Audubon in Action

Birding to Breathe

Utilizing the natural world as a means of achieving mental wellness.

Photo: Tiffany Green/Audubon

I have an anxiety disorder.

Managing the symptoms of any mental illness is challenging and requires continuous surveillance. It’s an illness that I have to be aware of everyday, not just for the past month of May, which was Mental Health Awareness Month.

So, what helps?

Since I started my position here at Constitution Marsh Audubon Center and Sanctuary, I have only had one panic attack. I used to have one a week.

That’s not to say I’ve been without stress, which is a major trigger of symptoms for anxiety disorders. I’ve been juggling personal and familial struggles, financial burdens, an increased workload as we head into summer, as well as thinking about what my life is going to be like when I finish this internship. Though I face stressors, symptoms of my mental illness have dwindled considerably in the five months I’ve been here. Besides my usual meditating, baking, and reading, I owe my health to living and working in a green space and to a newly discovered passion: birding.

When I began this internship in January, I knew very little about birds. What I now know, I learned on the job. It wasn’t until I started to lead students on bird walks that I fell in love with birds. Both the kids and I would become awestruck at a new sighting or when we would hear a strange call. Their curiosity has driven me to now be able to identify most bird species in the northeastern United States. The guided bird walks have inspired me to go birding in my free time, almost every morning or evening, and it is now so much more than just seeing a bird.

Birding is going out to the open wilderness, taking each step slowly, carefully and quietly. I stop for a moment and let the world around me fill in the silence. Letting myself take these small moments to observe and appreciate the world around me has really helped me feel better and ease the symptoms of my anxiety.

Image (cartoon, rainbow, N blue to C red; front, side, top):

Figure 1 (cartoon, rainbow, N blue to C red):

Sometimes, I bring my journal and write about what’s on my mind or what I see. It helps me process how I’m feeling and better understand new perspectives of my own life and the life around me. It’s meditative as well as appreciative and respectful of nature. Before I started birding, I was mindful of what was happening around me in nature but this activity is a gateway that makes me really pay attention. The stillness and the slowness grants me the privilege to witness little aspects of life I wouldn’t have before.

The benefits I receive from spending so much time birding in a natural area has made me realize how much conservation and mental health can go hand in hand. According to the National Institute of Mental Health, an estimated 31.1% of adults in the Unites States have anxiety. It is not just an illness that I struggle with. It’s a common issue and there is a common remedy- nature. A study lead by Gregory N. Bratman from Stanford University found spending time in nature decreased anxiety and improved memory function. It’s great knowing that green spaces can be so beneficial, but it also makes protecting these areas an important part in protecting our mental health.

Great Blue Heron at Constitution Marsh. Photo: J. Andreone/Audubon

I have always used the outdoors as a sanctuary and I’m sure other people have too. It would be shame if we lost the natural areas that can heal us so greatly and profoundly. Navigating my anxiety disorder without these spaces - those that make me slowdown and breathe - would be very challenging. Luckily, I live and work in a place that is made up of wildlife and uses all of its power to make sure natural areas are preserved.

How you can help, right now